Finally, students who completed the New Genetics assignment were allowed to use class computers to begin writing their lab reports. Students who have not yet completed the assignment had class time to do that work. Students were reminded that the lab report is due Thursday and we have an exam Friday.
We concluded our Biology End of Course review by watching the PBS video Your Inner Monkey. The video does a nice job of bringing together the key concepts from our units on evolution and central dogma. Tomorrow, students will sit for the EOC.
All three episodes of the movie series are listed below:
Update: March 2
Today marks the final day of class time for working on this portion of the Chromosome Project. After our entry task, students who have completed the project will be offered the opportunity to present their work to the class for feedback. For those who finish early, please complete The New Genetics reading assignment (Chapter 1) from February 9. When that assignment is complete, the next reading assignment is Chapter 4 from Inside the Cell (define vocabulary words in bold and answer the questions at the end of the chapter). Notes from the entry task are shown below:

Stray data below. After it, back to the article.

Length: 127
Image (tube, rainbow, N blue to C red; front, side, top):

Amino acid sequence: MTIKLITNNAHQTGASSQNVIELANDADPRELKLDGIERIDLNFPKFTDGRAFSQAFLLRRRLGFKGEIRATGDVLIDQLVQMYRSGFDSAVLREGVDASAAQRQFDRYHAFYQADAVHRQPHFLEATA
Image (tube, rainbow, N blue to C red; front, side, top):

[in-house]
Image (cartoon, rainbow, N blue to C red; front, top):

Update: March 1
A complete presentation will have the following sections:
- Information connecting Chromosome, DNA, Gene, Protein, and Trait (Disease/Condition)
- Information about Disease/Condition
- Researcher = Your Name
- Research connection between Gene and Disease/Condition
- How is the disease/condition inherited? Are the genetics known?
- Update references in APA format
Use the Citation Machine website to help you cite your sources using APA format. Sources need to be referenced on the last slide of the Google Slides document you are working on.